No Punishment For LA Deputy Who Killed Ex-Tech Exec

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A Los Angeles County Sherriff's Department deputy who was charged with vehicular homicide for killing lawyer and former Napster COO Milton Olin, Jr. is getting off without punishment, according to the Los Angeles Daily News. The Los Angeles County District Attorney's won't press charges because although Andrew Wood was distracted by typing into his cruiser's computer while, he was acting in his official capacity and so "acted lawfully," as official documents explain.

An online petition demanding that Wood be prosecuted for Olin's death has received 67,809 signatures. According to the petition, Olin's family had been unable to obtain even a copy of the collision report. The family is suing Los Angeles County, the Sherriff's Department, and Wood. The suit seeks at least $80,000 in damages and a jury trial, according to another Daily News report.

Wood was on duty driving his cruiser at 48 miles per hour on December 8, 2013 in Calabasas, California. He claimed at the time that Olin swerved out of the bike lane and into his lane. Wood said that he swerved right to avoid Olin but that the attorney did the same, making the collision unavoidable.

However, an eyewitness driver behind the patrol vehicle contradicted Olin. Andrew McCown said he did not see the cruiser swerve nor brake lights come on until after Olin "flew into the air." About 36 seconds before the accident, another police unit sent Wood a text message. He was replying to it when he struck Olin.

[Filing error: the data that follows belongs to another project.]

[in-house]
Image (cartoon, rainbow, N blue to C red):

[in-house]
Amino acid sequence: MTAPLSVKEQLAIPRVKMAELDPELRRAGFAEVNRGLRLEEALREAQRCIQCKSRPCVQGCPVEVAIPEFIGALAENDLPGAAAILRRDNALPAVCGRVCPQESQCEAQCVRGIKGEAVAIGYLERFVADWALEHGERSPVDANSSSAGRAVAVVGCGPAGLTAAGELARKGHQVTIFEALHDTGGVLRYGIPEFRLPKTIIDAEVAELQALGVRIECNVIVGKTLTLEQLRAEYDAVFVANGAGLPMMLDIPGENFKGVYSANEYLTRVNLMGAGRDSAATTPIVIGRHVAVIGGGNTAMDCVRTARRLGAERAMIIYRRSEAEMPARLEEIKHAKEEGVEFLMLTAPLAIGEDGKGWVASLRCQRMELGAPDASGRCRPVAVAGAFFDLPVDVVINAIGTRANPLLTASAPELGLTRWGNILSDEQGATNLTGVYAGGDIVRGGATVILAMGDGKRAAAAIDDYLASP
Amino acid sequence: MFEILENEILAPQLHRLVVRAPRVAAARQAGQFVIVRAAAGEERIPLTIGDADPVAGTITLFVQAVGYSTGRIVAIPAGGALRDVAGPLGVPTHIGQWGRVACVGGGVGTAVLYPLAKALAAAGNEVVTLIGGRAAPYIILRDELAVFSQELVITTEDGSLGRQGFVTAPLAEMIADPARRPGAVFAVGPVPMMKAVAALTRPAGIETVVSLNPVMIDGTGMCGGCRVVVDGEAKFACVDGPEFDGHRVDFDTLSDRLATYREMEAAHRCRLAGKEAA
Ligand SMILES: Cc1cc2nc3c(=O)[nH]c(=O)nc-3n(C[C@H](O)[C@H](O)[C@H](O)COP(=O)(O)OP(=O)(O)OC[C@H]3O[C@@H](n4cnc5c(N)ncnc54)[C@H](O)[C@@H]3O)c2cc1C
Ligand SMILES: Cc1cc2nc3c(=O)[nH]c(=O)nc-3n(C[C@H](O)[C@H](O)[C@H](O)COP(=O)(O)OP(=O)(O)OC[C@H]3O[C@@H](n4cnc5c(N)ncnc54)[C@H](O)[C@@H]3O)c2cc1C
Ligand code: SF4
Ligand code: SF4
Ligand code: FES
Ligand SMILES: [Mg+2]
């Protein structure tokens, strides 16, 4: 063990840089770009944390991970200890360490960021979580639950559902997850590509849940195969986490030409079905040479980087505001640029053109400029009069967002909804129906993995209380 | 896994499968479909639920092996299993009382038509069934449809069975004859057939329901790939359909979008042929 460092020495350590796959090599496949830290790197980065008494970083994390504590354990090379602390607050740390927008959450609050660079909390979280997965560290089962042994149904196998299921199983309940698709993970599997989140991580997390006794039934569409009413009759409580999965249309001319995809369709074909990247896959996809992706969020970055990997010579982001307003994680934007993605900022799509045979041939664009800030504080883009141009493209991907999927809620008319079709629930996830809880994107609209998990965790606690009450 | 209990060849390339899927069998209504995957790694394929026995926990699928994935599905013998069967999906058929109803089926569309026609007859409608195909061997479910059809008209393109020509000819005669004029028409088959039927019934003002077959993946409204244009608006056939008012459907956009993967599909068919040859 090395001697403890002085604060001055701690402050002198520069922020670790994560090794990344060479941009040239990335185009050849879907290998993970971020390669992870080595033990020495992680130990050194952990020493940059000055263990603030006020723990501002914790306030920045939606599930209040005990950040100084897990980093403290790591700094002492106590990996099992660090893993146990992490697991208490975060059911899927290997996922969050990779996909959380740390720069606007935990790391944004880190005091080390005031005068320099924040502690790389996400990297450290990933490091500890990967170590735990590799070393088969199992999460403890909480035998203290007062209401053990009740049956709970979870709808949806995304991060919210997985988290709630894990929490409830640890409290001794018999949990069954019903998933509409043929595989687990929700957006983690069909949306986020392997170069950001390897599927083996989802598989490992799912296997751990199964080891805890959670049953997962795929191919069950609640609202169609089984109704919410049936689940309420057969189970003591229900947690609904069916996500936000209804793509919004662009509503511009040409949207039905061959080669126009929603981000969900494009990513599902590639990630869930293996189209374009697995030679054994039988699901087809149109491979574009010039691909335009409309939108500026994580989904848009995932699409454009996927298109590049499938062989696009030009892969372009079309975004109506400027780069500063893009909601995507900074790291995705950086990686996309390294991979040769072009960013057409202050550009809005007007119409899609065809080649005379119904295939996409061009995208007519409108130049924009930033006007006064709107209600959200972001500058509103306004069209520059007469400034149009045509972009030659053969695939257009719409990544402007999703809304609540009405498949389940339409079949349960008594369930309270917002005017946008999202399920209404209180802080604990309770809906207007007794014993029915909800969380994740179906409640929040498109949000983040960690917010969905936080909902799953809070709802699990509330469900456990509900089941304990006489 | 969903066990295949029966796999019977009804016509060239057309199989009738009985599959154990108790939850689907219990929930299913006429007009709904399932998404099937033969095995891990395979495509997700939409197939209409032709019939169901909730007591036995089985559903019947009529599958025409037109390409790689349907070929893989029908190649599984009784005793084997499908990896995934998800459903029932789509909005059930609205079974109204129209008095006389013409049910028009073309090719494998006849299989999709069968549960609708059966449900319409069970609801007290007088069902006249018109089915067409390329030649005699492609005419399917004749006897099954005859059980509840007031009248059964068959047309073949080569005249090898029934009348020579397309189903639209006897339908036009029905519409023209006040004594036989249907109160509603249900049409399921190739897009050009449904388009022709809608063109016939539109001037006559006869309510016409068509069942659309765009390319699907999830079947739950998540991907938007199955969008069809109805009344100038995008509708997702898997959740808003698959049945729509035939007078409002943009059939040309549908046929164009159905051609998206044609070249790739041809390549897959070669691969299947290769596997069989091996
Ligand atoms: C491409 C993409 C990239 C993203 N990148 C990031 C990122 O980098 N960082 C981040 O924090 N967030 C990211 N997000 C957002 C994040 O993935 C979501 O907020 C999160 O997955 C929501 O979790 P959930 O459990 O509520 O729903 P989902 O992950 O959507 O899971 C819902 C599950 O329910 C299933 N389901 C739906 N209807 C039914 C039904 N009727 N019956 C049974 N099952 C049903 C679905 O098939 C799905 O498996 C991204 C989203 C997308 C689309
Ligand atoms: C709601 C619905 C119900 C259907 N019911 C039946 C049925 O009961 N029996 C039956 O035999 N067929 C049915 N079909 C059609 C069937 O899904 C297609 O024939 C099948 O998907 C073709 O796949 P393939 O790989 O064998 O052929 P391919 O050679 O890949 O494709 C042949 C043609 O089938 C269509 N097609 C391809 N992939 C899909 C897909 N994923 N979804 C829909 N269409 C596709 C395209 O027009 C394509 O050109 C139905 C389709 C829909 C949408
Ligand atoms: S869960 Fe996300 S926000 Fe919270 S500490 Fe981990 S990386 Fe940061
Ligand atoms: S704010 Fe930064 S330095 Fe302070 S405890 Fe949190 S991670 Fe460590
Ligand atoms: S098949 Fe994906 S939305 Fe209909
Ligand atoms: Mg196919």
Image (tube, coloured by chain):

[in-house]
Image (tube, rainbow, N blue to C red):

There was evidence that Wood had also sent or received 9 text messages between 12:51 and 1:01, a period during which the cruiser was stopped. Wood sent a last text message at 1:04, roughly a minute before he struck Olin.

But the DA's office has officially refused to prosecute "this tragic collision" even though "Wood briefly took his eyes away from the road precisely when the narrow roadway curved slightly to the left without prior warning, causing him to inadvertently travel straight into the bike lane, immediately striking Olin."

Even though Wood was distracted because he was texting another officer, because it was considered official business, he was "acting within the course and scope of his duties." The prohibiting use of wireless equipment while driving "does not apply to an emergency services professional using an electronic wireless communications device while operating an authorized emergency vehicle ... in the course and scope of his or her duties."

And so Wood faces no criminal charges, although he and the department and county still face the lawsuit.
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